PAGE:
Writing in the Boston Globe Drake Bennett introduces four young conservative writers and thinkers.
There's Luigi Zingales, an economics professor at the University of Chicago. He's written recently about the importance of the difference between helping business and helping the market. Business, you could say, is a special interest, and conservatives should fall out of love with business and back in love with the market.
In an argument that’s begun to catch the ear of a few conservative thinkers, Zingales suggests that it’s often business itself, rather than the government, that the market needs protection from.
Actually, I thought that conservatives have been saying this for decades. But it's a theme that needs to be constantly renewed, because business, for all its reputation as a powerful force, clearly sucks up to government. Ande it has to, because government has the power to destroy it--unless we take that power away.
Then there's L Bradford Wilcox, a sociology professor at the University of Virginia. He's been working to put an empirical basis under the conservative faith in family values. Recent research is pretty clear:
Children not raised by their married mother and father are more likely to drop out of high school, be depressed, and even commit suicide. Boys from broken homes are more likely to end up in jail; and girls more likely to be teen mothers.
Wilcox is working on reminding us that there are two important factors that help break up the family: divorce and single parenthood.
He argues that it is counterproductive to insist, as many liberals have, that all types of families are equally good for kids. Overwhelmingly, he points out, it is poor and working-class families who are grappling with the effects of divorce and single parenthood.
Lower class Americans struggling with fractured families deliver increased inequality, something that liberals say they care about.
Megan McArdle is an editor and blogger at The Atlantic. Her blogging provides a kind of nodal point, a conversation centered around libertarian conservative ideas, and provides a go-to place for people with like interests.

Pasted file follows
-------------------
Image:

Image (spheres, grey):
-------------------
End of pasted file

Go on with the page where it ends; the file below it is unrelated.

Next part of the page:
Finally, there's Reihan Salam, a fellow at New America Foundation. He wrote Grand New Party back in 2003 with Ross Douthat, and he's a big-government conservative.
In [Grand New Party, Salam and Douthat] return again and again to the issue of how a modern Republican party could strategically embrace government, allaying the economic anxieties of important white working-class voters without fostering a culture of government dependence and waste.
All this is encouraging. But let us not forget the importance of foundations. Take the powerful ideas of Michael Novak in The Spirit of Democratic Capitalism. He argues for what I call "the Greater Separation of Powers." This notion starts with the idea that just as government has its three branches, legislative, executive, and judicial; society has three sectors, political, economic, and moral/cultural.
The idea of the Greater Separation of Powers is that the three sectors of society, political, economic, and moral/cultural, should be separate and coequal. They should be independent, and each should be a strong critic of the other two sectors.
In other words, the economic sector and the moral/cultural sector should each have a lot to say about the power of the political sector and how it should be limited in the economic sphere and the moral/cultural sphere.
Meanwhile the political sector should be jealous of overweening power from business and economic interests, and also excessive militance in the moral/cultural sector.
What everyone should guard against is two sectors ganging up on the other sector--i.e., when religious leaders get too close to politics, either left-wing or right-wing.
There's nothing quite like solid first principles to help nurture good political and social thought. That goes for young conservative thinkers and older ones too.